A meeting proposed by US regulators would again seek to bring together the US Food and Drug Administration (FDA), pharmaceutical trade industry group PhRMA, the regulatory science-focused Critical Path Institute and public stakeholders to discuss best practices for detecting and assessing the likelihood that pharmaceutical products cause liver damage in patients.
Liver toxicity, sometimes referred to as hepatotoxicity, is a serious but relatively common adverse event, particularly when certain pharmaceutical products are taken at higher doses or extended periods of time. Even some commonly used over-the-counter (OTC) products, such as acetaminophen, can cause liver toxicity if taken incorrectly.
The problem lies in the function of the liver, which acts to process and clear toxicities from the body. Over time, the organ can become overloaded or damaged by chemicals, some of which can cause injury in smaller amounts.
FDA regulators have identified the problem as a serious one, noting that drug-induced liver injuries (DILI) were the "most frequent cause of safety-related marketing withdrawals for the past 50 years," and have been a critical factor in limiting the indications-or preventing the approval-of many other drug products.
A 2009 guidance from FDA, Drug-Induced Liver Injury: Premarketing Clinical Evaluation, recommended that sponsors of trials and applications conduct periodic tests of serum enzyme activities and bilirubin concentration to estimate the severity of liver injuries to patients, and adopt "stopping rules" for interrupting treatments.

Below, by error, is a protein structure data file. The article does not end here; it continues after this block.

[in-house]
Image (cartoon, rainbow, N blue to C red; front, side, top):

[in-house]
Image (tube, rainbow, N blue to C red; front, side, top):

Convening Regulators and Industry
In March 2013, FDA convened a related meeting to revisit that guidance in the hope of either updating or revising it.
That meeting was specifically focused on determining baselines for normal and abnormal liver toxicities, as well as recommended actions based on different scenarios, such as stopping rules for clinical trials if a drug exhibits unacceptable toxicities.
Now the same group is planning a follow-up meeting with the same general purpose but a different focus, this time looking at the reasons some patients experience DILIs and others don't.
The meeting, Serious DILI: Who Gets it? Who Doesn't? Why? was announced in a Federal Register announcement on 7 February 2014.
"Serious drug-induced liver injury (SDILI) is a major problem for drug development and clinical care," explains a meeting notice for the event. "We need a new understanding to identify especially susceptible patients, and a path forward to solve hepatotoxicity problems that affect pharmaceutical industry protocols, government regulatory bodies, academic consultants, and physicians who use drugs to provide patient care in the US and worldwide."
While the meeting is still short on details, a posted agenda contains such questions as:
- Can we really predict SDILI? Or just detect? What progress has been made?
- What may explain the different ways people respond?
- What new and useful biomarkers (and predictors) are out there?
- What else is new in DILI research?
- Should trial subjects reflect patients to be treated?
The meeting will take place on 19-20 March 2014 in Hyattsville, MD.